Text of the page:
Introducing Foodie Vocab Lessons!

Last week I took a poll here at Chew on That as well as on Twitter on whether or not you wanted to continue with our Friday segment of Food In The News or start on some Foodie vocab lessons.  Many of you (especially on Twitter)  voted for Foodie Vocab lessons which is why we’re here today with our first lesson. Every lesson will include a word I’ve discovered simply by surfing the food blogs (as I do quite regularly), a quiz with four choices to see if YOU know what it means, and some pictures and links to yummy recipes related to the word.

This week’s word is: verrine (noun).

Please choose the most appropriate definition for a verrine. (No cheating!)

a.) A leafy green often steamed or served fresh in French salads and sandwiches
b.) A confection, originally from France, made by layering ingredients in a small glass
c.) A French vegetarian dish typically made with eggplants, zucchini and tomatoes.
d.) Originally from France, a rich slow-cooked bean stew or casserole made with herbs and meat

Now, scroll down for the answer…(no peeking ahead of time!)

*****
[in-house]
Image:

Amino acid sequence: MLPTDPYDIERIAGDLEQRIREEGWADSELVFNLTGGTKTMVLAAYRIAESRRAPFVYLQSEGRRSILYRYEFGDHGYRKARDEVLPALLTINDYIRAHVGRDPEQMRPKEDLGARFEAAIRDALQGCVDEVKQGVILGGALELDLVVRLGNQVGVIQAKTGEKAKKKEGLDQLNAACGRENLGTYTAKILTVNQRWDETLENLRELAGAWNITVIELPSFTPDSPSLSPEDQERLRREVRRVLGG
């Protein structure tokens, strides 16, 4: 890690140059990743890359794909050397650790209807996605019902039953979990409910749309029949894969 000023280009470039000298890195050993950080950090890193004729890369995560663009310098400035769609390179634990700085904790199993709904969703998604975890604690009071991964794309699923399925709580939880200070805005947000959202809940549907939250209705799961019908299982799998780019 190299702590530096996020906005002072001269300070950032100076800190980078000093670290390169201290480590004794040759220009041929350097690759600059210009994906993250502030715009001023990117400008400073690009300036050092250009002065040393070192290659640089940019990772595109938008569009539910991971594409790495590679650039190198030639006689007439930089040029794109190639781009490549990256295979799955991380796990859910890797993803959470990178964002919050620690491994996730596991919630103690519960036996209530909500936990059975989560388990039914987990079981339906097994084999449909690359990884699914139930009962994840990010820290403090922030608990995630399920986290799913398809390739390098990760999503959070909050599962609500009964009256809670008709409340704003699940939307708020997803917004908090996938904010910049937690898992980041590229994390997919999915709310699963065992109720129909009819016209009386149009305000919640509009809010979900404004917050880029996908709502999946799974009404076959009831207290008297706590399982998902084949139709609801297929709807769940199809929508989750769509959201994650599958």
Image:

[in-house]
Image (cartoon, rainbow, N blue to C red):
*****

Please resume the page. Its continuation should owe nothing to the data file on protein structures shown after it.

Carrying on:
If you chose b.) a confection, originally from France, made by layering ingredients in a small glass, then you are correct!

In the photo above, David Lebovitz shows us three different verrines that depict both sweet and savory applications of this artful French confection. The only criterion for making a verrine are having a glass and multiple ingredient to lay on top of one another.


Other verrines such as Tartelette’s Berry Mousse and Lemon Poppy Seed Cake Verrines (left) and Apartment Therapy’s Spiced Cream and Plum Verrines (right) have more distinct layers. Each ingredient is more distinguishable than the piles in David Lebovitz’s examples but both styles can be classified as verrines.

As for myself, I have yet to make a verrine (or at least intentionally) but I think verrines make a wonderful presentation, especially if you’re entertaining guests. Perhaps I’ll try making this Strawberry Cream Salad in a glass or presenting my Nine Layer Mexican Dip in some fancy stemware. The sky, er, the glass is the limit when it comes to verrines so use your imagination!

More Verrine Recipe Ideas:
Three Layer Cranberry Salad
Layered Pudding Dessert
Layered Antipasto Salad

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  • Joan Nova

    thanks for the lesson. I failed.

  • Nancy Collver

    YEA!! I got it! After watching so many chef competition shows, I’m ready for more vocabulary.

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